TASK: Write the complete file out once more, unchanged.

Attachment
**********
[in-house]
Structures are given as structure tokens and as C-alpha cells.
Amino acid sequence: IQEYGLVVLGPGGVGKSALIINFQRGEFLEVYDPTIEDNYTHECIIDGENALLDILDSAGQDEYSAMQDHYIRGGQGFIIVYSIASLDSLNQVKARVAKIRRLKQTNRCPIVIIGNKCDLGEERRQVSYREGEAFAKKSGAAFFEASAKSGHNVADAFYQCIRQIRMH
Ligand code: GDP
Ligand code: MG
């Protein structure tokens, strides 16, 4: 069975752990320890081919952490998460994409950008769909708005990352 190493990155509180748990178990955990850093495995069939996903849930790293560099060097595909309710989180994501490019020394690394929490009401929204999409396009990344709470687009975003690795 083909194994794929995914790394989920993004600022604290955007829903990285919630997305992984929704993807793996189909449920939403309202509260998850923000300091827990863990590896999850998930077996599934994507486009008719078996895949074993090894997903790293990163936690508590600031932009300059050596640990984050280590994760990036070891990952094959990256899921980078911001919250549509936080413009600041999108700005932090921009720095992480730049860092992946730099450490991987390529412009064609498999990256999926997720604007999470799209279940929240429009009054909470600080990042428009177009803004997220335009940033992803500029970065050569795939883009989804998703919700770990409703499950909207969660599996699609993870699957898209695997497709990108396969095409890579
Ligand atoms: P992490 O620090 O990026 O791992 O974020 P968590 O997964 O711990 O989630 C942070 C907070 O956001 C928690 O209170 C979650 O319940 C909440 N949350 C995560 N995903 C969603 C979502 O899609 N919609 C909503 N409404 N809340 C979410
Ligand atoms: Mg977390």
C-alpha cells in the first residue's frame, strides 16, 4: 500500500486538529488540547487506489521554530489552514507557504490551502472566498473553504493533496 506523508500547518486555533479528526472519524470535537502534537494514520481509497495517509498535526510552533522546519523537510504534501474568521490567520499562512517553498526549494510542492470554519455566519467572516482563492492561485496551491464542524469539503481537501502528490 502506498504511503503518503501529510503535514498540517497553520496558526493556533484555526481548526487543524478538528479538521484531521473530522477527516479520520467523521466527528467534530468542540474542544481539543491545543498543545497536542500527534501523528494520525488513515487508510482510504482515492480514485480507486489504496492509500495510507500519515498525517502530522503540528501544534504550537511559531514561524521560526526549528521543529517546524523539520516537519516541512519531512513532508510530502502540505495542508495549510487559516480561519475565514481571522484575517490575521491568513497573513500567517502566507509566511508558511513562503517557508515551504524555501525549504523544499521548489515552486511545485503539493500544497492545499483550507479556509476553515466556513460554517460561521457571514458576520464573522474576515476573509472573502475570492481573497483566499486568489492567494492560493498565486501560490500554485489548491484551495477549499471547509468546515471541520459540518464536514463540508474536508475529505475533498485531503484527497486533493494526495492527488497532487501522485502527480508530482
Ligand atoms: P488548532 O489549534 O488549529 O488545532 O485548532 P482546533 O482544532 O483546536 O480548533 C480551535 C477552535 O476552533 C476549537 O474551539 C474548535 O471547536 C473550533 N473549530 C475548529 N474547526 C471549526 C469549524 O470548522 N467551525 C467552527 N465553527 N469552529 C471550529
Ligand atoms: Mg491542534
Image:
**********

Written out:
[in-house]
Structures are given as structure tokens and as C-alpha cells.
Amino acid sequence: IQEYGLVVLGPGGVGKSALIINFQRGEFLEVYDPTIEDNYTHECIIDGENALLDILDSAGQDEYSAMQDHYIRGGQGFIIVYSIASLDSLNQVKARVAKIRRLKQTNRCPIVIIGNKCDLGEERRQVSYREGEAFAKKSGAAFFEASAKSGHNVADAFYQCIRQIRMH
Ligand code: GDP
Ligand code: MG
């Protein structure tokens, strides 16, 4: 069975752990320890081919952490998460994409950008769909708005990352 190493990155509180748990178990955990850093495995069939996903849930790293560099060097595909309710989180994501490019020394690394929490009401929204999409396009990344709470687009975003690795 083909194994794929995914790394989920993004600022604290955007829903990285919630997305992984929704993807793996189909449920939403309202509260998850923000300091827990863990590896999850998930077996599934994507486009008719078996895949074993090894997903790293990163936690508590600031932009300059050596640990984050280590994760990036070891990952094959990256899921980078911001919250549509936080413009600041999108700005932090921009720095992480730049860092992946730099450490991987390529412009064609498999990256999926997720604007999470799209279940929240429009009054909470600080990042428009177009803004997220335009940033992803500029970065050569795939883009989804998703919700770990409703499950909207969660599996699609993870699957898209695997497709990108396969095409890579
Ligand atoms: P992490 O620090 O990026 O791992 O974020 P968590 O997964 O711990 O989630 C942070 C907070 O956001 C928690 O209170 C979650 O319940 C909440 N949350 C995560 N995903 C969603 C979502 O899609 N919609 C909503 N409404 N809340 C979410
Ligand atoms: Mg977390």
C-alpha cells in the first residue's frame, strides 16, 4: 500500500486538529488540547487506489521554530489552514507557504490551502472566498473553504493533496 506523508500547518486555533479528526472519524470535537502534537494514520481509497495517509498535526510552533522546519523537510504534501474568521490567520499562512517553498526549494510542492470554519455566519467572516482563492492561485496551491464542524469539503481537501502528490 502506498504511503503518503501529510503535514498540517497553520496558526493556533484555526481548526487543524478538528479538521484531521473530522477527516479520520467523521466527528467534530468542540474542544481539543491545543498543545497536542500527534501523528494520525488513515487508510482510504482515492480514485480507486489504496492509500495510507500519515498525517502530522503540528501544534504550537511559531514561524521560526526549528521543529517546524523539520516537519516541512519531512513532508510530502502540505495542508495549510487559516480561519475565514481571522484575517490575521491568513497573513500567517502566507509566511508558511513562503517557508515551504524555501525549504523544499521548489515552486511545485503539493500544497492545499483550507479556509476553515466556513460554517460561521457571514458576520464573522474576515476573509472573502475570492481573497483566499486568489492567494492560493498565486501560490500554485489548491484551495477549499471547509468546515471541520459540518464536514463540508474536508475529505475533498485531503484527497486533493494526495492527488497532487501522485502527480508530482
Ligand atoms: P488548532 O489549534 O488549529 O488545532 O485548532 P482546533 O482544532 O483546536 O480548533 C480551535 C477552535 O476552533 C476549537 O474551539 C474548535 O471547536 C473550533 N473549530 C475548529 N474547526 C471549526 C469549524 O470548522 N467551525 C467552527 N465553527 N469552529 C471550529
Ligand atoms: Mg491542534
Image: